I don’t try to intimidate anybody before a fight. That’s nonsense. I intimidate people by hitting them.
I am a big fan and student of the early Mike Tyson, the Tyson forged by relentless hard work under the tutelage of Cus D’Amato in the woods of Upper New York State. He knocked out 19 professional boxers in an undefeated string on his way to becoming the youngest heavyweight champion of all time.
D’Amato and the other trainers told him what to do and he did it religiously and laid down mental and physical grooves that were like fine machinery. Watching him fight was like watching a machine operating perfectly, doing what it was designed to do. This is not a criticism or saying he wasn’t human – he was a human who made himself into a weapon that knocked people out, which is what we try to do with Wing Chun.
I believe that fighting success rests on maximizing the delivery of your potential power. You can dance and trap hands all you want but at some point you have to hurt your opponent and this requires power. Wing Chun saying: First courage, then power, then skill.
Skill is last. You have to learn to hit hard. You can’t avoid forever – in fact, you want to avoid the absolute minimum necessary. You must go into the house to fight the fire. This means you walk right up and stand a bent arms length away and chain attacks into their head.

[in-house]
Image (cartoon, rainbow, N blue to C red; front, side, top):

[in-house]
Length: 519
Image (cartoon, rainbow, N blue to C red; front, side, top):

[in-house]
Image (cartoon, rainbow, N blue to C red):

Power can be captured in a formula: mass times velocity equals momentum.
You weigh this much and you are this strong and your training must enable you to take that strength and weight and deliver it to the head of your opponent optimally, with as little loss of energy as possible. Tyson was able to deliver a huge percentage of his potential force into his opponent.
Watch the knockout highlights in the second film. Observe how his opponents crumble after receiving those tremndous shots to the head. While his technique is not ours, we can learn a lot about how to create grooved, reflexive movements watching Tyson.
This is the best compilation I could find of his fights. NOTE: halfway through it switches to a rap song with some harsh profanity. But the footage is clear and the editing is tight.